# Fresnel's equation with complex n

• Nick89
In summary, The Fresnel equations for reflectivity for s- and p-polarization can be simplified by substituting values for a vacuum to metal interface, resulting in simpler expressions for R_s and R_p. However, finding a clear derivation or statement of these formulas has been difficult due to conflicting references and definitions of polarization. One possible derivation can be found in Chew's "Waves and Fields in Inhomogeneous Media."
Nick89
Hi,

I posted a similar question a while back but never got a decent answer, most probably due to having too many details that obscured the real problem. This time around I'll try it more simply.

Fresnel's equation for reflectivity for s- and p-polarization are, according to Wikipedia, given by:
$$R_s = \left( \frac{n_1 \cos \theta - n_2 \sqrt{1 - \left( \frac{n_1}{n_2} \sin \theta \right)^2}}{n_1 \cos \theta + n_2 \sqrt{1 - \left( \frac{n_1}{n_2} \sin \theta \right)^2}} \right)^2$$
$$R_p = \left( \frac{ n_1 \sqrt{1 - \left( \frac{n_1}{n_2}\sin\theta \right)^2} - n_2 \cos\theta }{ n_1 \sqrt{1 - \left( \frac{n_1}{n_2}\sin\theta \right)^2} + n_2 \cos\theta } \right)^2$$

Now suppose we have a vacuum to metal interface so that the light traveling through the vacuum strikes and reflects off a metal surface. I think in this case the vacuum should have an index of refraction equal to unity while the metal gets a complex index of refraction: $n_1 = 1$ and $n_2 = n(1 + i \kappa) = n + ik$ where $k$ is the extinction coefficient (or is it $\kappa$?).

Apparently, by substituting these values and making one assumption, that $n^2+k^2 \gg 1$, one should be able to arrive at the following much simpler expressions:
$$R_s = \frac{\left( n - \cos \theta \right)^2 + k^2}{\left( n + \cos \theta \right)^2 + k^2}$$
$$R_p = \frac{\left( n - \sec \theta \right)^2 + k^2}{\left( n + \sec \theta \right)^2 + k^2}$$

Graphing these formulas tells me that $R_p$ has a minimum reflectivity at some high angle, similar to non-metals (where this minimum actually goes to 0 for the Brewster angle) while $R_s$ is a smoothly increasing function.The problem is as follows... I have been looking everywhere for a derivation, or even a simple statement of these formulas but I haven't found a decent reference anywhere. The only times I can find solid references to the reflectivity of a metal is for normal incidence, for $\theta = 0$ so that both $\cos \theta = \sec \theta = 1$, so that doesn't help.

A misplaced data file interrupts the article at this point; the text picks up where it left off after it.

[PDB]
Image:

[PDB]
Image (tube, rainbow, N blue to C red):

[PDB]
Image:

I did find a few other references, but they either contradict themselves (describe in detail that Rp has the minimum in reflectivity, then show a graph and write Rs in it ...?!) or contradict other papers (some seem to mention Rp has the minimum, some mention it is Rs).

Some papers / books also don't mention s- or p-polarization at all but merely TE or TM modes. The same problem here: they contradict each other, some papers say Rs = TE, others seem to say Rs = TM...The questions are simple (but maybe not to answer):

1. What's the correspondance between TE/TM mode and s-/p-polarization? Or is there no one definition and does it depend on something else..? I would think TM = p polarization and TE = s polarization, or vice versa. Which is it?
Same goes for perpendicular and parallel polarization. Perpendicular = TE or TM, s or p?

My view is this:
s (senkrecht) = perpendicular = TE
p (parallel) = parallel = TM.

Correct, or not?2. Are the final formulas I've given for Rs and Rp correct, or did I switch them around (formula for Rs labeled Rp and vice versa)?

3. Finally: how does one get to that result...? I don't see how the assumption that n^2+k^2 is large is any help, I've been trying for days to derive it but I am getting nowhere.
I did find one other 'derivation' (not in detail, which is what I want to see) which arrived at
$$R_p = \frac{(n^2+k^2) \cos^2 \theta - 2n\cos\theta + 1}{(n^2+k^2) \cos^2 \theta + 2n\cos\theta + 1}$$
after dividing out $\cos^2 \theta$ and completing the square that does yield $R_p$. The problem is that another statement (without derivation) I've got shows this to be $R_s$ instead?!
Any help is MUCH appreciated! Thanks!

You could probably glean far more insight into this problem by just simply deriving these equations from the boundary conditions. One text that discusses the reflection coefficients is Chew's "Waves and Fields in Inhomogeneous Media." For the case of reflection off of a planar boundary lying in the x-y plane, we can derive the following ODE:
$$\left[ \mu \frac{d}{dz} \mu^{-1} \frac{d}{dz} + \omega^2\mu\epsilon - k_x^2 \right] e_y = 0$$